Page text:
// Use a java.util.Iterator to loop through the selected keys
      for (Iterator i = keys.iterator(); i.hasNext();) {
        // Get the next SelectionKey in the set, and then remove it
        // from the set. It must be removed explicitly, or it will
        // be returned again by the next call to select().
        SelectionKey key = (SelectionKey) i.next();

        // Check whether this key is the SelectionKey we got when
        // we registered the ServerSocketChannel.
        if (key == serverkey) {
          // Activity on the ServerSocketChannel means a client
          // is trying to connect to the server.
          if (key.isAcceptable()) {
            // Accept the client connection, and obtain a
            // SocketChannel to communicate with the client.
            SocketChannel client = server.accept();

            // Make sure we actually got a connection
            if (client == null)

            // Put the client channel in non-blocking mode.

            // Now register the client channel with the Selector,
            // specifying that we'd like to know when there is
            // data ready to read on the channel.
            SelectionKey clientkey = client.register(selector, SelectionKey.OP_READ);
        } else {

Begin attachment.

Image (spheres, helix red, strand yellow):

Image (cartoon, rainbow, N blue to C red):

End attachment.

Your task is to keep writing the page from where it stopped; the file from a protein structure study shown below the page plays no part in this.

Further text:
// If the key we got from the Set of keys is not the
          // ServerSocketChannel key, then it must be a key
          // representing one of the client connections.
          // Get the channel from the key.
          SocketChannel client = (SocketChannel) key.channel();

          // If we got here, it should mean that there is data to
          // be read from the channel, but we double-check here.
          if (!key.isReadable())

          // Now read bytes from the client. We assume that
          // we get all the client's bytes in one read operation

          // The data we read should be some kind of HTTP GET
          // request. We don't bother checking it however since
          // there is only one page of data we know how to return.

          // Build an HTML document as our reponse.
          // The body of the document contains PrintService details
          StringBuffer response = new StringBuffer();
          response.append("<html><head><title>Printer Status</title></head>"
              + "<body><h1>Printer Status</h1>");
          for (int s = 0; s < services.length; s++) {
            PrintService service = services[s];
            Attribute[] attrs = service.getAttributes().toArray();
            for (int a = 0; a < attrs.length; a++) {
              Attribute attr = attrs[a];

          // Encode the response into the body ByteBuffer
          encoder.encode(CharBuffer.wrap(response), body, true);

          body.flip(); // Prepare the body buffer to be drained
          // While there are bytes left to write
          while (body.hasRemaining()) {
            // Write both header and body buffers
          buffers[0].flip(); // Prepare header buffer for next write
          body.clear(); // Prepare body buffer for next read

          // Once we've sent our response, we have no more interest
          // in the client channel or its SelectionKey
          client.close(); // Close the channel.
          key.cancel(); // Tell Selector to stop monitoring it.


Related examples in the same category

1.A simple, tiny, nicely embeddable HTTP 1.0 server in Java
2.A web server
3.Minimal HTTP Server by using com.sun.net.httpserver.HttpServer
4.POSTing data to an HTTP server